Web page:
One person died in a fiery plane crash near the small central Oregon town of Madras on Saturday as thousands of eclipse chasers -- many from the Bay Area -- descended on the state, officials said Sunday. Jefferson County Sheriff Jim Adkins said the pilot was alone in the single-engine, home-built Wheeler Express when the plane went down around 1:50 p.m. in a canyon about a mile short of the Madras Municipal Airport (about 120 miles southeast of Portland).
Clouds expected to block eclipse for much of Bay AreaHopes that morning fog will burn off in San Francisco in time for Monday’s partial solar eclipse were dwindling as thick morning fog was expected to linger until the celestial event comes and goes. The blanket of clouds will obstruct views in the city and other nearby urban areas as the partial eclipse begins around 9:15 a.m. and reaches its point of greatest coverage around 10:15 a.m., forecasters said.
Woman, 52, killed when her own car rolls over her in SFA 52-year-old woman died last week when her own car rolled over her in San Francisco, police said Monday. The woman, identified by the city medical examiner as Daly City resident Daisy Pascual, was killed Friday night after stopping her car on the 800 block of Waller Street in the city’s Lower Haight neighborhood, officials said.
Muck Rack makes it simple to find people, tweets, or articles that mention any name, keyword, company, hashtag etc. We've compiled this guide to help you make the most of your search.
Selecting a term
Start searching tweets, articles from media outlets, articles mentioned in tweets, journalists'
names, titles and bios with some suggested searches:
Companies or Topics (e.g. iPhone, Microsoft)
Phrases (e.g. "cloud computing") — use quotes to keep the terms together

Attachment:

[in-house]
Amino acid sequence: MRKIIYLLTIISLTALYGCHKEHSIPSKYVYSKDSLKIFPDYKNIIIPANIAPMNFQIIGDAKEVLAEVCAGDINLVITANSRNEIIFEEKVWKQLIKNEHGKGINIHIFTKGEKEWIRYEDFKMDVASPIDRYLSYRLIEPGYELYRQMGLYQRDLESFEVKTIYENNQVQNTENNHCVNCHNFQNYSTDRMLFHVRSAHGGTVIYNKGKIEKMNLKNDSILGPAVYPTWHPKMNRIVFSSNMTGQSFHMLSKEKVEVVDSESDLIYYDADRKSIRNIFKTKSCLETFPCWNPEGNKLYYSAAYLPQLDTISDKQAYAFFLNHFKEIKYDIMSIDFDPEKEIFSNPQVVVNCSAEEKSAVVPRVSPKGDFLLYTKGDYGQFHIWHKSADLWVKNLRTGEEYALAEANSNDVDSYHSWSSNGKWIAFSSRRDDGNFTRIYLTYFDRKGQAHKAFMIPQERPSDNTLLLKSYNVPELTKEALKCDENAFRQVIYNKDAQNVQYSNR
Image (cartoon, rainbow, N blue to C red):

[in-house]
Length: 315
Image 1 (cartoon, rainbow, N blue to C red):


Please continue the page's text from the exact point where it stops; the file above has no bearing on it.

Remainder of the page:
Twitter handles (e.g. @username) — returns those who have mentioned or replied to
Names (e.g. "David Pogue")
Hashtags (e.g. #sxsw, #london2012)
Bio details (e.g. vegan, Olympics, father)
Muck Rack's Advanced Search allows for many boolean operators.
Find results that mention multiple specified terms, use AND or
+. For example, ensure each result contains both Elon Musk and Mark Zuckerberg by
searching Obama AND Romney or Obama + Romney.
Use the operators OR or , to broaden your search when you'd like either of
multiple terms to appear in results. (This is the default behavior of our search when no operators
are used.) For example, search for democrat OR republican to find results that refer to
Democrats and/or Republicans.
Use NOT or - to subtract results from your search. For
example, searching Disney will yield results about the Walt Disney Company as well as Walt Disney
World Resort. To exclude mentions of Disney World, search for Disney -World or Disney
When using one of these operators with a phrase, enclose it in quotation marks. For example, you can
find results about smartphones excluding Apple's iPhone 4S by searching smartphone -"iPhone
Exact case matching or punctuation
If you're searching for a brand name or keyword that relies on specific punctuation marks or capitalization, you can
find results that match your exact query by adding matchcase: before the keyword you're searching for, like matchcase:E*TRADE .
Use parentheses to separate multiple
boolean phrases. For example, to find journalists talking about having fun in Disney World or
Disneyland, search for ("disney world" OR disneyland) AND fun.
An asterisk can be used to search for any variation of a root word truncated by the asterisk. For example, searching for admin* will return results for administrator, administration, administer, administered, etc.
A near operator is an AND operator where you can control the distance between the words. You can vary the distance the near operation uses by adding a forward slash and number (between 0-99) such as strawberries NEAR/10 "whipped cream", which means the strawberries must exist within 10 words of "whipped cream".